When choosing a vitamin D product, always look at the back of the packaging and check the product is USP verified. This means the products have been rigorously tested and the ingredients have been verified.
- Vitamin D options are available for vegans.
- Take vitamin D just before a meal. This is a fat-soluble vitamin and if you take it on an empty stomach is unlikely to be absorbed.
- You generally take vitamin D once a day—either in the morning or at night. If you don’t eat breakfast, take in the evening, just before your evening meal.
- There is a suggestion that vitamin D may interfere with melatonin production, although there is no evidence it affects sleep, however you may prefer to take it in the early evening.
- Make sure you always drink plenty of fluids.
- If you forget your daily dose, miss it out that day, and take it on time the next day.
Vitamin D, Respiratory Infections, and COVID-19
UK scientists have warned that you should not take high levels of vitamin D for the purpose of preventing or treating COVID-19. However, some experts are suggesting the reverse.
In a publication from March 2020 in the journal Nutrients, the authors reviewed the current medical evidence and suggested that vitamin D supplementation might reduce the risk of influenza, COVID-19, and deaths.
They presented evidence to suggest that higher levels of vitamin D in the population would reduce the risk of acute respiratory tract infections including influenza, COVID-19, and pneumonia. They also suggested that additional vitamin D should be started now, to raise levels before the onset of the winter.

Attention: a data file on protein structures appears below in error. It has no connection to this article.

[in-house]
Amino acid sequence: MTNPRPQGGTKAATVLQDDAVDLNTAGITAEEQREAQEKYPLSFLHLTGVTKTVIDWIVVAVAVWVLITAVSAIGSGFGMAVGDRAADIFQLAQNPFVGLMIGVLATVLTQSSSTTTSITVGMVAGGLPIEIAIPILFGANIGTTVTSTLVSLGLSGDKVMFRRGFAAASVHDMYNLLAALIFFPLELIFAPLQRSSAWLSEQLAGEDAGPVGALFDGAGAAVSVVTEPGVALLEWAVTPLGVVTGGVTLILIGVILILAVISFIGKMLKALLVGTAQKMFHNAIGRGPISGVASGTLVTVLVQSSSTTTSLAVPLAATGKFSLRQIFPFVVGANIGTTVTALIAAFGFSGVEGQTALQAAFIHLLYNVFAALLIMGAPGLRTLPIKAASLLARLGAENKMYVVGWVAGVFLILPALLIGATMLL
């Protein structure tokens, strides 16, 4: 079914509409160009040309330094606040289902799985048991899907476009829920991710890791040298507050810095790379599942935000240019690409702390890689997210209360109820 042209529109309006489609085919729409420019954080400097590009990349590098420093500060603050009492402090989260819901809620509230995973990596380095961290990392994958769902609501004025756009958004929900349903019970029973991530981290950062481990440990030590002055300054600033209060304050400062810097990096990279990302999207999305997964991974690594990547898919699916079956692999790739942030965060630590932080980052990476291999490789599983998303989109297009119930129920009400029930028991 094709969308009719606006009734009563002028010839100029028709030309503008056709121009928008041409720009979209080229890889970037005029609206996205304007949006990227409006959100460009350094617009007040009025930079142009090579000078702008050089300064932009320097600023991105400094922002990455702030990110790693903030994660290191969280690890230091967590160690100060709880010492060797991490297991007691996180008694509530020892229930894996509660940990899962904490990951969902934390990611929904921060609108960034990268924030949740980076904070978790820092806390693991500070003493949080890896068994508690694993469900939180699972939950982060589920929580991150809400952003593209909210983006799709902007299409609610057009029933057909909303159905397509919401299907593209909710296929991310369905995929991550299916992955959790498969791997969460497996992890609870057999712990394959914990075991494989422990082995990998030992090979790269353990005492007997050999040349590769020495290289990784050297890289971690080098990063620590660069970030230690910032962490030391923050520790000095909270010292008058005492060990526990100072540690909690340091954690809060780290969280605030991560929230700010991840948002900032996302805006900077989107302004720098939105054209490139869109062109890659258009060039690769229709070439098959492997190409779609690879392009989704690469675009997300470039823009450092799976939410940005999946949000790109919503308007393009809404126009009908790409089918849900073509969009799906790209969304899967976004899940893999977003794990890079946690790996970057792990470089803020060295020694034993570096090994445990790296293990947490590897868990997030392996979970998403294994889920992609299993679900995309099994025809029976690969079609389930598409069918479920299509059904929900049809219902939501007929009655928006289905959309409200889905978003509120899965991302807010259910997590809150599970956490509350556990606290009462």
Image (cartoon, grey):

But on the contrary, UK scientists warn that caution is needed. The currently available evidence comes from observational studies only which do not prove causation. Furthermore, high levels of vitamin D can be harmful.
Final Thoughts From the Doctor
The issue of vitamin D deficiency and the threat of COVID-19 was recently discussed in the New York Times. They reached a sensible conclusion—that those who cannot obtain enough vitamin D from their diet should consider a supplement of 1000-2000 IU/day.
It seems to me that vitamin D deficiency is so common, supplementation is safe, and may indeed have numerous understandable benefits for our overall health. This is something relatively easy we can do, which is likely to be beneficial and not harmful for ourselves and those we love. Whether or not it will help protect us from COVID-19 is unknown—but maybe … just maybe? Furthermore, to get through this pandemic at your healthiest, don’t miss these Things You Should Never Do During the Coronavirus Pandemic.
Dr. Deborah Lee is a medical writer for Dr Fox Online Pharmacy.